Where Phishing Threatens and Computers Are Poorly Protected
by Mark Großer
What previously appeared unimaginable to a majority of companies – and even to many employees – turns out to be feasible after all during a crisis: working from home. The digital economy is apparently leading the way. Which is no surprise. The nature of this sector means it has the most jobs that lend themselves to remote working. It is completely understandable that, according to a survey by Bitkom in the middle of March 2020, almost 90 percent (89 percent) of the surveyed IT and telecommunications companies had recommended to their employees that they work from home. Almost two-thirds (64 percent) had even ordered this step.
Bitkom again had just a few days previously found out in a representative survey for the total population that 49 percent were in the meantime working from home and that this was a completely new experience for 18 percent. Almost one-third (31 percent) had previously been able to work from home. However, 41 percent said that their job could not feasibly be performed at a home desk or kitchen table.
Phishing particularly dangerous
So much for the latest statistics on working from home. Another question that is at least as pressing: What about security? Whether hackers are really exploiting the current pandemic for targeted attacks and whether the number of attacks has increased significantly has not yet been confirmed – but there are signs that this is happening such as the fake WHO appeal for donations.
Companies whose employees have had the option of working remotely for a long time are usually technically well prepared. Laptops, PCs, and tablets are probably protected from hackers, viruses, and worms as far as possible. But even a normal “bombardment” – continuous, automated campaigns, for instance – by cyber attackers is enough to endanger poorly secured computers. Phishing is currently an especially favored type of attack. This is an attempt by hackers to access sensitive data and passwords by sending emails that have been cleverly designed so as not to arouse suspicion. The line of attack may be through browsers in the network, email, USB ports, or local coupling to other devices that are “managed.” The result is that identities are hijacked, and this can be expensive when sensitive company data are obtained.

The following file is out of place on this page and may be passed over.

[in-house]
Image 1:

Exercise caution when using free tools
Many of those now sitting in front of their private computers while working from home often do not have professional protection installed, however, nor do they have encrypted remote access to company applications and shared resources. Their situation demands improvisation and pragmatism. The collaboration tools that workers are quick to deploy are very helpful and usually provide protection when corporate networks are well secured. But not everything that is quickly set up for use meets all the “usual” requirements for IT security and data protection. Asking probing questions about security becomes especially critical when solutions are provided free of charge.
In addition to the widespread solutions Microsoft Teams, Cisco WebEx, or ZOOM, “private” communication channels are also very popular; many messenger services and platforms such as XING or LinkedIn also offer chats. The rule when using them is the same: be cautious and look at them closely. If messengers are used for business, make sure they are encrypted. The employer should regulate approval for use, including the policies about contacts on cell phones used for business.
The risk that emails or bots with direct or digital contact to employees will be exploited (the example of “CEO Fraud”) becomes greater under the conditions of remote working. Social engineering seeks to manipulate or instrumentalize people in the company to the advantage of external attackers; one common example is to fake situations with time pressure and instructions “from above.” Attackers find it easier to achieve their objectives if victims cannot check questionable activities in person at the office in “just a second.” Or the boss is not available at the moment for a confirmation by telephone. The classic case: an order to “transfer the amount right away to company X” sent by email from the boss or even using a deceptively real voice imitation on the phone.